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Against its original purposes, the Romanian Securitate Archive  is used now by regular citizens to access their family’s past.  Oana Lungescu published a documentary on BBC about  State Secrets with very good examples of  Romanian Securitate legacy.

Here is a short piece from the article about the terrible family history of Ioana Voicu Arnautoiu and the way she recovered it.

“A concert violinist, she was born in a cave in the Carpathian mountains. Her parents were partisans, part of a small desperate band that resisted the communist takeover in the 1950s.They held out for nine years – surviving sometimes on boiled bark – before the Securitate hunted them down.

Now it is the Securitate’s own records that are revealing Ioana’s family history, in 85 thick files and a collection of black-and-white photographs.

One shows her mother climbing out of the cave and going down a ladder, carrying baby Ioana under one arm like a doll.

Before her father was executed, the Securitate took a last photograph of his gaunt face, with dark, haunted eyes. Her mother died later in prison.

Ioana was spared. Aged two, she was taken to an orphanage and adopted by a loving family. She grew up without knowing who she really was – until Communism fell and the archives opened.

Her story might be unbelievable – if the Securitate had not archived everything so thoroughly.” (Oana Lungescu- Romania Securitate legacy 20 years after revolution)

Lungescu raises interesting questions about the role Securitatea had in documenting life during Communism. The State had to know everything and now, people have access, at least in part, to what the State knew of them.  Ioana Voicu Arnautoiu says in the documentary that she is thinking about putting her family history into a book. Working on such books is a needed exercise for Romanian society. Even though affecting individuals this drama was felt by the whole society and Securitate practices combined with the lack of information channels changed our information habits.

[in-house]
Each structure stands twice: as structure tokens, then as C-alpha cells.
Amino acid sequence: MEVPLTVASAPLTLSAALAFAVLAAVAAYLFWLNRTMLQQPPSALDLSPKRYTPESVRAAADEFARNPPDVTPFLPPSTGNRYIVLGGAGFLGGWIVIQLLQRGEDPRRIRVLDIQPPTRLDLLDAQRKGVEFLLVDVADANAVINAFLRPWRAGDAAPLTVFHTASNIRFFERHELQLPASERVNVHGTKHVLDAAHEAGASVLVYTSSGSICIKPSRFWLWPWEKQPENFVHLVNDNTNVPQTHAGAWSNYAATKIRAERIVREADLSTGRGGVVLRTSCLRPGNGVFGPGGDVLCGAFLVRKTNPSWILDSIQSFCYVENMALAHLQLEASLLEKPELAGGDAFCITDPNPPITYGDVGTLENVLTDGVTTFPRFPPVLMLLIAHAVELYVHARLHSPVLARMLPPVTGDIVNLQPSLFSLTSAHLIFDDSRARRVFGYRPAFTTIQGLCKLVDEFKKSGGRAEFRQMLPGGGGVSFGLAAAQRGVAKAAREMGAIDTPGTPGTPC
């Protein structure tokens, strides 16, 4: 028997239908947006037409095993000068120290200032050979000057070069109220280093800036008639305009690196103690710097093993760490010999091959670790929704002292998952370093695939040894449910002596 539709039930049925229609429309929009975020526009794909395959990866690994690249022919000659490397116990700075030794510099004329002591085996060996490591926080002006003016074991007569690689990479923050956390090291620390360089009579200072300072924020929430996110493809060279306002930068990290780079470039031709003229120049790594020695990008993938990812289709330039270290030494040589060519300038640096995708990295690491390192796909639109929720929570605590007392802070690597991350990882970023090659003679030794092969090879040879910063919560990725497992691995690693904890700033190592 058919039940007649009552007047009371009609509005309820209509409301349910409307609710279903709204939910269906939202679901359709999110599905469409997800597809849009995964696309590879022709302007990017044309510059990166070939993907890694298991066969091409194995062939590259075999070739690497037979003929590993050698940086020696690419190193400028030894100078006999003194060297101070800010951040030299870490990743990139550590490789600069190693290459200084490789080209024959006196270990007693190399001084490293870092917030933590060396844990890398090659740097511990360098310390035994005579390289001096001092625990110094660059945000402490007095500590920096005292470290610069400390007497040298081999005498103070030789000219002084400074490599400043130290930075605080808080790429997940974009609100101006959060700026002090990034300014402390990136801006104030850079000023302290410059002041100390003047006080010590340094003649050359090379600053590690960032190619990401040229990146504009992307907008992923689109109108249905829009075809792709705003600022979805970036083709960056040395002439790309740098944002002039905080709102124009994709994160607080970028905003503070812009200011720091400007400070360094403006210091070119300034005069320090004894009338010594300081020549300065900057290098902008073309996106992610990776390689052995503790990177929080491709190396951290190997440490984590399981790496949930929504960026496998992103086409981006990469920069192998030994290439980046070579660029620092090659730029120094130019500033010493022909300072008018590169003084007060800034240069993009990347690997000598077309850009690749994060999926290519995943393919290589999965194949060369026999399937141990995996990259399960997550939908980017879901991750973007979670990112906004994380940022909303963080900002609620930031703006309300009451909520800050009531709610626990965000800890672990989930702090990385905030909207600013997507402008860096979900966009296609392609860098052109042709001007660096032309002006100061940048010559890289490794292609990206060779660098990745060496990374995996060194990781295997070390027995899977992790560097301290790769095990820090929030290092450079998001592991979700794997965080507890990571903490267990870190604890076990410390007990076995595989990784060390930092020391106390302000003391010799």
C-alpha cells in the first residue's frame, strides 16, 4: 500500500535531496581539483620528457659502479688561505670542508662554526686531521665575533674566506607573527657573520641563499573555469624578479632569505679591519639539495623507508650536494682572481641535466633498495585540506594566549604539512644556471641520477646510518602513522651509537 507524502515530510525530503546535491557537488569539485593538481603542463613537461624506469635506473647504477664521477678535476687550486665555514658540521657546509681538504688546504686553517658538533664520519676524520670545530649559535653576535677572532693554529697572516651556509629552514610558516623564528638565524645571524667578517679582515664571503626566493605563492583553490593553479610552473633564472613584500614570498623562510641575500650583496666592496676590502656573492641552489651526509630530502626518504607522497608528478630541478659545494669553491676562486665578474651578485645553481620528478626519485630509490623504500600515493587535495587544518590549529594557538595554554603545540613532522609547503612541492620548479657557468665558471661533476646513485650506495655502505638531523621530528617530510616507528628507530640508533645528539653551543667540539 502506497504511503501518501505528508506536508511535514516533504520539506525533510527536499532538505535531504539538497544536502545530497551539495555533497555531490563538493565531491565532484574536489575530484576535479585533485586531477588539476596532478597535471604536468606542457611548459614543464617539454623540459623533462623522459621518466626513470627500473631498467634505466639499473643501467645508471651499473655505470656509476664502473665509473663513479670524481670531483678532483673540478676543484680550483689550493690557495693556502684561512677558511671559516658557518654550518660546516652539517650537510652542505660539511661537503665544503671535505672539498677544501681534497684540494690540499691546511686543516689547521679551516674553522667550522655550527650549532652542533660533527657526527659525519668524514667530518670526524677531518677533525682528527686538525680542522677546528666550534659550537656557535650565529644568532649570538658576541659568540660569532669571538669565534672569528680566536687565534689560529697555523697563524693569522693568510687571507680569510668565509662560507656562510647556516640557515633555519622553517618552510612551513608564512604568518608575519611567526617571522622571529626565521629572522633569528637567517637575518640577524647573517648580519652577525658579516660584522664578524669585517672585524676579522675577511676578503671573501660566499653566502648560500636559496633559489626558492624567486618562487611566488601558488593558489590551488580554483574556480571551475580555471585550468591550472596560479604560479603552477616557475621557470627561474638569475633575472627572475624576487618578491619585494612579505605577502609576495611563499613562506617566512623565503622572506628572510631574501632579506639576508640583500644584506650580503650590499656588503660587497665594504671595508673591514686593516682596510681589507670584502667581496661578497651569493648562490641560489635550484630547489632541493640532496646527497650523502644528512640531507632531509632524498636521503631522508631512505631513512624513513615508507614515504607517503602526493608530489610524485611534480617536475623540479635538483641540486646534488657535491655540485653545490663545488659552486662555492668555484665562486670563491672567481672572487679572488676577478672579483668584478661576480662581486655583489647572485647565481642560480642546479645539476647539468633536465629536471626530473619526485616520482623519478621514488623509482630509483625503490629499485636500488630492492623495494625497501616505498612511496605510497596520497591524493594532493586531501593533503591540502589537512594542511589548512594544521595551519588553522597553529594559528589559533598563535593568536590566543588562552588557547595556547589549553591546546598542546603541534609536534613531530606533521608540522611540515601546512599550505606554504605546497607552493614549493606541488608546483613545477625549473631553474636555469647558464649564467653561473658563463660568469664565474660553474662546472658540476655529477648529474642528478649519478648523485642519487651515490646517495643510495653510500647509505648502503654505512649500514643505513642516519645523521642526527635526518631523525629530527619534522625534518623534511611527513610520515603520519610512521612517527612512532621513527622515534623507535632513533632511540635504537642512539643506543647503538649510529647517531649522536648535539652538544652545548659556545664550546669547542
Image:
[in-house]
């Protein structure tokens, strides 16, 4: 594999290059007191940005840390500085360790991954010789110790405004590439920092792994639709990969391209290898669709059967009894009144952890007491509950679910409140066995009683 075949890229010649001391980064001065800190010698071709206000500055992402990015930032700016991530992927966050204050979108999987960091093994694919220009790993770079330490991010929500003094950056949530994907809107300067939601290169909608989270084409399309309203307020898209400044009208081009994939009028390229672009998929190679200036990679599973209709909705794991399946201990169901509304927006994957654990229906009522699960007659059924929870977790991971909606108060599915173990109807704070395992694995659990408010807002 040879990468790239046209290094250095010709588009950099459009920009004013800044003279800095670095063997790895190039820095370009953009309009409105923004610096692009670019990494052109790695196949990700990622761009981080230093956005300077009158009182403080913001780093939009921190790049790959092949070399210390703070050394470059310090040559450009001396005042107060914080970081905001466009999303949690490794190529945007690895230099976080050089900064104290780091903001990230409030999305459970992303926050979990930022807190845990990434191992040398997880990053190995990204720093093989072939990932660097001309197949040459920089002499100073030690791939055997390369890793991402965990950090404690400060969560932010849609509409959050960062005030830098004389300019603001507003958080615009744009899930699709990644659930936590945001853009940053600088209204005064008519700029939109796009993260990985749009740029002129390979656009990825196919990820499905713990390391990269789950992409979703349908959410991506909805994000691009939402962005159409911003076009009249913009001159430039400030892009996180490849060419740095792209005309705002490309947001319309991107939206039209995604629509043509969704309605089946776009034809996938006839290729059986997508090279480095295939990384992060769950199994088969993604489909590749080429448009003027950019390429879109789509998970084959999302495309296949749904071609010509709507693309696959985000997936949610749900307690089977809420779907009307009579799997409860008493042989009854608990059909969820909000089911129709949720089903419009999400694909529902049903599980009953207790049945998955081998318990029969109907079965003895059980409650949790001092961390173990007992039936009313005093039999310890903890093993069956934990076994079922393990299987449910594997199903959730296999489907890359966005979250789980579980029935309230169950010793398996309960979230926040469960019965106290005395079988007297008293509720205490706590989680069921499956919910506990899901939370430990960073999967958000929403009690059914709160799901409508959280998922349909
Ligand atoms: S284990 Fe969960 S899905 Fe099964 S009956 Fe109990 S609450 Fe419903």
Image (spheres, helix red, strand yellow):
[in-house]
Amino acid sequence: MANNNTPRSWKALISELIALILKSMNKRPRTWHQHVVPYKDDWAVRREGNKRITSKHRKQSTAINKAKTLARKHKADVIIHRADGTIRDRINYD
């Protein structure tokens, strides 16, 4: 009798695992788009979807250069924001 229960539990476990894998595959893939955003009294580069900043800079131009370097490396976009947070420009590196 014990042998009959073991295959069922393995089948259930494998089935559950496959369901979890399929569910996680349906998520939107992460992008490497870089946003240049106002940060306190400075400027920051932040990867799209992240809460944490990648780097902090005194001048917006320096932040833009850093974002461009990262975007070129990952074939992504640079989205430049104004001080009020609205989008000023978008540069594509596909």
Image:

Many are still amazed by the way people chose to act even though they have freedom to be informed and access to information. People that worked on the case of  Ioana Voicu Arnautoiu parents could, presumably, be  successful business men nowadays (as is the case with the Securitate person that had Herta Muller, the Nobel prize winner in literature, under observation). One needs to take a step back and notice the destines that, even though shared the same geographical space,  were parallel  as long the State was not “in danger”.

What the evil library did was to document those intersections.  Looking back at these documents can help us figure out where and why deviations in behaviors took place. That would help understand the current “informed” decision Romanians make and how they can be helped to take part succesfuly in the global Information Society.

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